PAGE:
Weekly Wire
Memphis Flyer In Deep

By Susan Ellis

FEBRUARY 23, 1998:  Though the shine has hardly dulled from Wag the Dog, Dustin Hoffman and director Barry Levinson are at it again. This time, however, they go at something completely different – a sci-fi thriller with metaphysical overtones. In many ways, Sphere, based on a novel by Michael Crichton, is the antithesis of Wag the Dog. Where Wag the Dog is sharp, Sphere is very roundabout and coy. And while with Wag the Dog, you know they’re pulling your leg, with Sphere, you get completely jerked around.

In Sphere, Hoffman plays Dr. Norman Goodman, a psychologist who years ago made up a report for the Bush administration detailing how alien life forms should be handled if there should be a need. Part of Norman’s report was a sort of dream team for alien greetings, including a mathematician, a microbiologist, a physicist, and a psychologist. At the time, Norman was only goofing, never figuring that his ideas would be called on, so he just filled in names that were on hand. So when he’s called upon to test his theories, he finds himself face to face with the bratty Ben (Liev Schreiber), the physicist son of a friend, the suicidal Beth (Sharon Stone), whom Norman dumped a while back, and his old friend Harry (Samuel L. Jackson), an unsuspecting mathematician.

The foursome have been rounded up by the government to inspect a site in the depths of the ocean where a large spacecraft has recently been discovered. They are taken to a base set up beside the craft, where they are debriefed. Apparently, they’re told, the craft has been there for 288 years and, what’s more, it’s humming. So then, the psychologist, the physicist, the microbiologist, and the mathematician go on board to scope the place and happen upon a stories-high, vibrating golden sphere. But what exactly the object is or does isn’t instantly deducible. As they try to figure it out, things start to go screwy.

About three-fourths of the way through, as the body count rises and the team becomes mentally undone, Sphere starts to get interesting. The members turn on each other and form alliances and then drop them to accuse the other of something that may or may not be real. Sphere is especially adept at keeping the payoff shrouded, so as to work up a mood of stiff paranoia. But it feels a long time coming.

Maybe it’s the water. There seem to be a lot of movies lately (Titanic, Hard Rain, Alien Resurrection) in which actors are made to splash around. Maybe it’s the studios’ way of making them earn their paychecks. In Sphere, it serves almost as a buffer. Hoffman et al spend a lot of time trying to run or keep from drowning. Yet, for the most of the movie – despite the glowing sphere next door, an attack of killer jellyfish, the rattling of the base – they appear to be a little detached. And if they’re not scared, why should we be?

Their behavior makes sense in the end, which proves to be a warm and fuzzy disappointment that makes you wonder, Why bother? Hoffman’s character is the voice of reason and his performance is steady. His past roles show, however, that he’s best when he has some tic or flaw or any marked characteristic to wrap around. Here he’s given nothing, and it seems like a waste. Jackson, at least, gives his Tarantino character a rest. His Harry is serene, nearly a background presence, with only a few bursts of that big-grinned charisma sneaking its way in. Stone’s character is the emotional one, the one who cries and shakes – basically the girl of the movie. As for Schreiber, he makes some effort to put some force behind his part as the arrogant physicist, but as an indie-film regular, his big-budget roles are the ones most likely to be killed.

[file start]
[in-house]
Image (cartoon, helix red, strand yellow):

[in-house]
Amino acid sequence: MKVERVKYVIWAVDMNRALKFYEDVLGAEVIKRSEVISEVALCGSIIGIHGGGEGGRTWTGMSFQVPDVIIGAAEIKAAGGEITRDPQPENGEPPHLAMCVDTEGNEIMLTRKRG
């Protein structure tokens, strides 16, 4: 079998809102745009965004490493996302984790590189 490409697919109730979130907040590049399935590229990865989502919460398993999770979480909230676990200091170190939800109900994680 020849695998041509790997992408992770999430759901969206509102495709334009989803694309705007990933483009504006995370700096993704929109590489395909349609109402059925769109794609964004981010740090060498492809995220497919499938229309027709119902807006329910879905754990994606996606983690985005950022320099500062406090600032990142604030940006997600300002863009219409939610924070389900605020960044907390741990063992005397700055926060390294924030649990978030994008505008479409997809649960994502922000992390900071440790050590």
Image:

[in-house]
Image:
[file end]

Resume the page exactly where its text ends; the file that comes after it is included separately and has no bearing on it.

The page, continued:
Robert Duvall was recently nominated for an Oscar for his acting in The Apostle, a film he also wrote, directed, and produced. The nod is earned, for his Sonny, a.k.a. the Apostle E.F., is one of the best, if not the best, of the year.

Sonny is a deep-down, scream-it-to-the-world, God-loving preacher. For his efforts, he’s got a big church in his Texas town, a light-blue leisure suit, and a nice car with vanity plates. Yet his devotion to the Word hasn’t kept him from cheating on his wife and taking a drink or two. And despite being Pentecostal, Sonny experiences a bit of karma. While out on the road giving witness, he’s struck that he must return home to check on his wife Jessie (Farrah Fawcett). She tells him she’s got another man and plans to leave him and, further, she’s taken the church. Pride clouds Sonny’s judgment and he takes a baseball bat and gives Jessie’s lover a whack.

The crime drives Sonny out of Texas and into Louisiana, specifically the town of Bayou Boutté. He gives up his old identity and takes up a new, more devoted one as the Apostle E.F. In record time, the Apostle gathers new devotees in his new church he names the One Way Road to Heaven. He works swiftly, because he knows it’s just a matter of time before his past and the police catch up with him.

The art in Duvall’s performance lies in its subtlety. Visually, he’s the same man who can cheer a crowd into devotion as he was before he crossed the state line. Rather, the change is palpable – he’s no less devoted but truer. Being in complete control suits Duvall. The dialogue he wrote has a pleasant down-home quality and he peppers the film with small, quirky characters, among them June Carter Cash as his mother and Sister Jewell Jernigan as a devotee. The Apostle is both funny and sweet without being a slice of Southern oddity like Sling Blade (though Billy Bob Thornton does show up). It will make a believer out of you.


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